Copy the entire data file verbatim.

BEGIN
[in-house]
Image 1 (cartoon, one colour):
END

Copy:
[in-house]
Image 1 (cartoon, one colour):